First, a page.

Police are looking at new ways to stop late night moped racers in north Cambridge

PUBLISHED: 07:49 25 December 2017

Shot of the back of a police officer's jacket with the word police written across the back

Shot of the back of a police officer's jacket with the word police written across the back


The force wants new powers put inplace to make it easier to prosecute the offenders.

Police are considering putting a public spaces protection order (PSPO) in place to help them crack down on motorcycle and moped racers in the north of the city.

The issue is one that residents say has plagued them since the summer. A PSPO would need to be set up in partnership with Cambridge City Council.

One resident said: “The issue of mopeds racing around covered vitually the whole of the north. It was Chesterton, King’s Hedges, Orchard Park, Arbury. It was almost the sole subject of what huge numbers of people talked about this summer.”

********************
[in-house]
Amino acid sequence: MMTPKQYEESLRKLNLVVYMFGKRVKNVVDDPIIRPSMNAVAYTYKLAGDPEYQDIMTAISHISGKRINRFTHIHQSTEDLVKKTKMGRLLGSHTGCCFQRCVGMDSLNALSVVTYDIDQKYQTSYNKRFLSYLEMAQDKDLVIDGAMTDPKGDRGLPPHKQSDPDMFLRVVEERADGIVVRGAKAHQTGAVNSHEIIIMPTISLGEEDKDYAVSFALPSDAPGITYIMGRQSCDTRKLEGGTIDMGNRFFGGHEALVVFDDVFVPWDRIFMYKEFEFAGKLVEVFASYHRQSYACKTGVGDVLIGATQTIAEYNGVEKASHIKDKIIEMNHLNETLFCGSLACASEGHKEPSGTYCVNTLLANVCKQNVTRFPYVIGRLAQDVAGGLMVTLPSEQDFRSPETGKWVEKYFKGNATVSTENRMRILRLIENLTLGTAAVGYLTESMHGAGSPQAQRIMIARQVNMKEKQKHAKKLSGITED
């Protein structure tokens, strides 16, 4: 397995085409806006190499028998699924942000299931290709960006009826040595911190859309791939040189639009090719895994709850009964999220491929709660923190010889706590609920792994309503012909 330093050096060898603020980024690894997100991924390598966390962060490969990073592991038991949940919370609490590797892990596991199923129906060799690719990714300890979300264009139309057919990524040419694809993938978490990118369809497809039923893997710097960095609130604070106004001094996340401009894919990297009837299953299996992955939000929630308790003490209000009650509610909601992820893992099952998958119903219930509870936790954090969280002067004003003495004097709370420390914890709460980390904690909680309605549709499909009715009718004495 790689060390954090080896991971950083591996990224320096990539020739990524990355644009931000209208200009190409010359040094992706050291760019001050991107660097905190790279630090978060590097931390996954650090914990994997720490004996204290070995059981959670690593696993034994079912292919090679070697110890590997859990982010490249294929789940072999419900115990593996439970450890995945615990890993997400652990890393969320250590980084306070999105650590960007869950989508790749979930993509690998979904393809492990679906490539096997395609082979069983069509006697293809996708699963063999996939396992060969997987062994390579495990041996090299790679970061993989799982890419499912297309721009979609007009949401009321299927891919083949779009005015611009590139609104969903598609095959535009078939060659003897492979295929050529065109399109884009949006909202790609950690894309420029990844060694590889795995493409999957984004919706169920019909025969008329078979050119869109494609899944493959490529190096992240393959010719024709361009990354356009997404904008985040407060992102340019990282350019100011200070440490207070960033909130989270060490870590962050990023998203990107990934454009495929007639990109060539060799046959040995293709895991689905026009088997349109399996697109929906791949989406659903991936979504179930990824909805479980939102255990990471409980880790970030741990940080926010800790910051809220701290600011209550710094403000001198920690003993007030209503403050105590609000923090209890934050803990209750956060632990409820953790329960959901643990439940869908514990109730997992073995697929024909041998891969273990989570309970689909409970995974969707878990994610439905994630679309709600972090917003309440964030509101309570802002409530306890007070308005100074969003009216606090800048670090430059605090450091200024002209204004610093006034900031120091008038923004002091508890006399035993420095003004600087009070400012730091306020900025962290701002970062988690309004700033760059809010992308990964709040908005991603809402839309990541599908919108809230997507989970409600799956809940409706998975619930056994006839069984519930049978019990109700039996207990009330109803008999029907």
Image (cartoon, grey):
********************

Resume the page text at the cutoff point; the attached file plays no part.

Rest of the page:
The police have recieved 10 calls about racing since the start of November. Councillors at the North Area Committee meeting said many residents had given up reporting racers to the police because they thought nothing was being done.

The resident continued: “From our own house we heard it continually.

“That was the major issue plaguing north Cambridge for months over the summer and it must be disheartening for the police. But it’s even more disheartening for residents that the major issue has no visibility and almost no action and that people feel it’s not worth reporting.”

Inspector Paul Rogerson said: “I’m going to suggest we look at this problem in a very different way.

“This issue causes us significant problems with police tactics because of the persistent nature of it and because of the way in which we have to catch these people, which is very dangerous. I’m not saying we won’t take some risks to catch these people, because we will.”

He said he would make a commitment to look at the use of a PSPO. “It changes the dynamic of the situation,” he said.

It would mean civil enforcement could be made rather than a criminal charge. Racers could be issued £100 fines if caught.

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